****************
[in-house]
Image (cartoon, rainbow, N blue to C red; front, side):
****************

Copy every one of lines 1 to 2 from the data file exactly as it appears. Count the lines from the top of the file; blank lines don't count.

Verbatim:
[in-house]
Image (cartoon, rainbow, N blue to C red; front, side):